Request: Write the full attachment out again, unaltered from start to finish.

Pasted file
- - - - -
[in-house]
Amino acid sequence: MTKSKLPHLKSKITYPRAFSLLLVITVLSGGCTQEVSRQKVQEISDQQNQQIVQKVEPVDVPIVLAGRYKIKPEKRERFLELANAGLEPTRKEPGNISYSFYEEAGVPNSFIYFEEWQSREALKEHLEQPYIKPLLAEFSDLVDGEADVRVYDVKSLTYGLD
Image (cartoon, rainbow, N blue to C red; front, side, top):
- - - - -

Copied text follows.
[in-house]
Amino acid sequence: MTKSKLPHLKSKITYPRAFSLLLVITVLSGGCTQEVSRQKVQEISDQQNQQIVQKVEPVDVPIVLAGRYKIKPEKRERFLELANAGLEPTRKEPGNISYSFYEEAGVPNSFIYFEEWQSREALKEHLEQPYIKPLLAEFSDLVDGEADVRVYDVKSLTYGLD
Image (cartoon, rainbow, N blue to C red; front, side, top):